Henry Gordon Selfridge hit it big in London (and on PBS) but got his start in Chicago’s burgeoning department store scene:
“Within a short time after he entered the employ of the Field store he met the first Marshall Field and made a favorable impression by asking for a job as manager of his department,” the Tribune recalled upon Selfridge’s death in 1947. “He won the job and from then on his rise was rapid.”He proved to have a knack for advertising, then a rare business skill. He was the first to promote holiday sales with the reminder: “Only ___ shopping days until Christmas.” Some credit Selfridge with the department store’s celebrated motto: “The customer is always right.”
In 1890, he became a partner in Marshall Field’s and married Rose Buckingham, a member of a prominent Chicago family. One of Rose’s bridesmaids, Kate Buckingham, donated Buckingham Fountain in Grant Park. An entrepreneur in her own right, Rose bought property on Harper Avenue between 57th and 59th streets, where she built and sold 42 homes. She also was an accomplished horticulturist. The Tribune reported she had a collection of 2,000 orchids…
The girls got a shot at marrying into the nobility because their father transferred the family’s fortunes to England, almost on a whim. In 1904, Harry Selfridge sold his interest in Marshall Field’s for $1.5 million and bought another Chicago department store, a few blocks south on State Street…
Yes, there was a Selfridge’s in Chicago before there was one in London. But not for long. Having bought it in May, he sold it in June — and the new owners renamed it Carson Pirie Scott & Co. Selfridge then went for a visit to London, where he discovered two differences between doing business there and in Chicago.
Chicago contributed much to the development of department stores which helped transform American retailing. Perhaps London makes for a more attractive place to tell the department store story but Chicago would be a pretty interesting setting in itself with department stores around the turn of the century. Why continue the Dick Wolf Chicago Fire/Med/PD/Justice system when you could go back into an even quicker changing era. Additionally, it would be interesting to see someone tie together several strands of American stores: from general stores and department stores to the big box companies and ubiquitous chain pharmacies of today.
In response to a recent PBS show titled “10 Buildings that Changed America,” Architizer puts out its own top 10. They admit that their list is a little different:
Sure, the criteria governing our choices are more architecturally inclined — you won’t find the White House or even the Empire State Building here — and our tastes, unabashedly modern, but it’s undeniable how each of the buildings listed here have significantly contributed and even altered our built environment.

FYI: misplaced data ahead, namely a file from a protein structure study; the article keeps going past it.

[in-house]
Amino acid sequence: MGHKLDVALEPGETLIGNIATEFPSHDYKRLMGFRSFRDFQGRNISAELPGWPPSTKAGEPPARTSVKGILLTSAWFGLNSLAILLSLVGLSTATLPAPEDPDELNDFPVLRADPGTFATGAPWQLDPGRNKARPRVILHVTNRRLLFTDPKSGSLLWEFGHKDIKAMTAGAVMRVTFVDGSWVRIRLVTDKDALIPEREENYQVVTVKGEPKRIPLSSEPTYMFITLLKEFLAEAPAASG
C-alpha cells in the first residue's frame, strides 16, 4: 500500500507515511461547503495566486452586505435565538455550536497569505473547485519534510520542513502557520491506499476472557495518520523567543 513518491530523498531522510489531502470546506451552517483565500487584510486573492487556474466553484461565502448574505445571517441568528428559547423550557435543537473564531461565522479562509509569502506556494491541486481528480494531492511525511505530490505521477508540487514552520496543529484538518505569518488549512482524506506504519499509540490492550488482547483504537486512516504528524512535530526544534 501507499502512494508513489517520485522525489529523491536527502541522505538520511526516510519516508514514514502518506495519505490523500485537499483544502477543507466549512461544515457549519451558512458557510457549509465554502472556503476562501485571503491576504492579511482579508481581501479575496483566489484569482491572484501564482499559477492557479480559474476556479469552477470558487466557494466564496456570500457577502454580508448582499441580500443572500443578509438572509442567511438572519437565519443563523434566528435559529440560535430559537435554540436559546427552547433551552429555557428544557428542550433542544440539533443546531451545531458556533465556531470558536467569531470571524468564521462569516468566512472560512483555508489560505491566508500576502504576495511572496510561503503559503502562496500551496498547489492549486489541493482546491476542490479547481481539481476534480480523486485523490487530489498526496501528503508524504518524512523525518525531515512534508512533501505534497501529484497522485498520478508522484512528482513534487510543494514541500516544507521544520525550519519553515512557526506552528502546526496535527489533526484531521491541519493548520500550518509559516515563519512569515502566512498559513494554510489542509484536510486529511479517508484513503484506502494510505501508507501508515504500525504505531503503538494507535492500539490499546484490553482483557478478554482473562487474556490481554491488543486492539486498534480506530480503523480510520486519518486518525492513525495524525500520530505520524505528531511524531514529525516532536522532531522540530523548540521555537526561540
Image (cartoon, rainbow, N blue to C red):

So these aren’t really the same lists – it seems like PBS was going for the most important socially and culturally through all of America’s history while Architizer is reflecting more modern architectural interests. The list features Wright, le Corbusier, and van der Rohe (x2). The geographic distribution is interesting as well: 2 in New York City, 1 in Boston, 1 in LA, 1 in Seattle, and then the rest are scattered throughout the country. Interestingly, at least for people in Chicago where there are frequently claims that modern architecture really took off in the city, no building from Chicago is on the list.
I would be fascinated to see how many Americans know about the 10 buildings on the list. Maybe they could identify two or three, with perhaps Fallingwater and the UN Building being the most well-known?
I ran into an interesting side job for a sociologist: host of History Detectives on PBS. This involves investigating artifacts like an 1864 military discharge letter signed by President Abraham Lincoln:
The first few hours of filming took place in the Grand Army of the Republic Museum, where Versagi talked about how the artifact was found, and then re-enacted the find by pulling a scrap of paper out of a prop box. Taping continued at a park where Versagi would meet “History Detectives” host Tukufu Zuberi, professor and chair of the sociology department at the University of Pennsylvania, to show him the piece of paper. The “reveal” took place in a Springfield resident’s home, where Versagi listened as the PBS host told her the story of the artifact based on their research.
How exactly does a sociologist get this kind of job over historians? Here is how the History Detectives website describes Zuberi’s contributions:
America has a long history of social upheaval and cultural mood swings. These shifts leave clear signs of their passing. The trick is knowing how to read the signs, and interpret their meaning.
Tukufu is an authority on the subject. Under his scrutiny, even subtle signs can yield vital evidence about the events at a mystery’s core.
He also provides the team with a context for their work, relating descriptive accounts of living conditions in that particular place, at that particular time.
Being aware of the social issues, pressures, and problems of the day can sometimes help the team determine the triggers of a past event, and the motives of the people involved.
I also wonder if there isn’t a lot of room for a sociologist to talk about how mysteries develop and are understood by the public. For example, what is the social significance of an Abraham Lincoln artifact and why is Lincoln still so popular today (see an earlier post about another sociologists who tackles this)? Not everything becomes an artifact and there is a lot of work that goes into creating and supporting cultural narratives.
If you want to see a list of episodes Zuberi hosts, they are listed on his CV.
By the way, I am a supporter of having more sociologists positively portrayed on TV and in movies (see earlier posts on this topic here and here).